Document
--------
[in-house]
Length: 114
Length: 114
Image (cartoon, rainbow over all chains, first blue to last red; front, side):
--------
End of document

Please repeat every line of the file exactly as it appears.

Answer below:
[in-house]
Length: 114
Length: 114
Image (cartoon, rainbow over all chains, first blue to last red; front, side):